Sorry Yipla, I didn't know you were trying to grow on the balcony, I can see the weight is a major issue for you.
Even if the dwarf you are looking at is- (partially) self pollinating, you will still need to have at least 2 so that the bees can pollinate them.
My guess is that the 'dwarf' you are looking at is actually what some growers refer to as lowbush (1 to 2 feet). The lowbush I referred to in my first post are sometimes called midsize (2-4 feet) and the biggest everyone calls a highbush. (There are also southern or 'rabbiteye' bluberries for hot summer areas of the southeast.)
As to pruning to keep small. The dwarf/lowbush 1-2 feet tall bluberries are really considered a groundcover blueberry. They are planted about 2 feet apart in the regular garden and they spread and fill in that space in about 5 years. To prune them, usually they are mowed down with a lawn mower in late winter. They will not bear any fruit the growing season after they are mowed. (The crop would usually be split in half- one mowed and one not so the plants would fruit on alternate years.) To prune in a container-you would cut off the older stems to the ground and leave the newer ones,that grew the season before, to bear fruit. You can't trim/prune the sides and tips of the stems to keep the plant smaller because you will keep removing the little bush's bearing stems.
The larger blueberry varieties are pruned by removing only fallen, old or crowded middle stems, or if the bush grew too many new stems, these are all cut to the ground. The bushes are never tip pruned to shape or make smaller.
By the way, each of the 'dwarf/lowbush' plants will only give you a small handful or two of berries even if all goes very well.
Have you considered strawberries for your space? They will go in containers half the depth of a 5 gallon bucket, in hanging baskets or window boxes or round pots. They are easy to grow and pretty to look at. They can give you lots of berries all at once or throughout the season depending on the variety. If you buy transplants they will produce for you this very year. I have had great success growing them over the years on small decks etc. like your space.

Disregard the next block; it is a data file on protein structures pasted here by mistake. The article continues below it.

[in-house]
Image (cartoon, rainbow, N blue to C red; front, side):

They are cheap enough to pull out at the end of the year and buy new ones to plant next year, not having to worry about watering and caring for all winter, like blueberry bushes. Just a thought....
Hydropetunia- (love your name)- you said your plants are doing just fine in the buckets- have your blueberry bushes bloomed and fruited yet? And have you pruned them?
Yipla- I did see you said you'd be growing on the roof and not balcony, sorry. I did want to mention also that soilmoist in your growing medium and some way to shade your pots on the roof would be a very good idea for any fruit growing up there.
Rebecca, thanks for the info. I will need to keep in mind the pruning requirements. Also, Do potted blueberries do well if their roots are pruned too? I've seen recommendations for that for some plants. The roof they will be on is in full sun, but I thought all berries/fruits like full sun? Do you mean I need to shade the pot, but not the plant, so that the soil doesn't get too hot?
I am also going to grow some strawberries, Ozark Beauty and Honeoye. I hope to get some berries this year!
Blueberries want cool roots, Yipla. A container in full sun sitting on a roof doesn't qualify ;-) Not saying they won't make it, but some provision for shading the container or double potting to get evaporative cooling will go a long way to making happy blueberries.
I have not pruned them in a proper way (may start this fall), but I have taken off branches here and there in an amateur way. As for blooming and fruiting, I do not know if you mean in general or only for this year. I have two plants, which I bought in maybe 1 gallon containers. They each bloomed and fruited their first year, and have continued. If you are wondering about -this- season, they have leafed out nicely but are not yet blooming.
I'm not too concerned with getting a maximum yield, just happy to have a handful from time to time...